A collective of bibliophiles talking about books. Book Fox (vulpes libris): small bibliovorous mammal of overactive imagination and uncommonly large bookshop expenses. Habitat: anywhere the rustle of pages can be heard.
This week is a week of remembrance, for the Armistices after two hideous world wars, and for the 75th anniversary of Kristallnacht. I went to the Menin Gate evening ceremony last week at Ypres, in Belgium, under the vast arch that has the names of the Allied soldiers who died in the First World War but whose bodies weren’t found. It was very moving, and very sad, because nothing much seems to have changed. The militarisation of the ceremony, while respectful to the soldiers who died, is not conducive to de-militarising responses to conflict. So this week’s collection of reviews are about the effects of war and the acts of war on civilians and soldiers alike.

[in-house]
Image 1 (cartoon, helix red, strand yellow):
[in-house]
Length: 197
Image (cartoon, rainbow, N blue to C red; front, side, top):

On Monday Kate reviews Fred’s War by Andrew Davidson, written around the war photographs of his grandfather, an army doctor in France from 1914-15.
On Tuesday Jackie delves into a new (to her) website all about the First World War.
On Wednesday Hilary considers a classic case of World War I Post-Traumatic Stress Disorder in fiction: Lord Peter Wimsey.
On Thursday Kirsty D reads Not So Quiet by Helen Zenna Smith, one of the great British women’s memoirs from the First World War.
On Friday RosyB revisits Joseph Conrad’s Heart of Darkness and wrestles with Chinua Achebe’s accusations of racism in his famous reading of the text.
On Saturday Jackie compares the new hardback edition of The Journal of the American Revolution with the website that inspired it.
The poppies image is taken with thanks from http://www.stopwar.org.uk/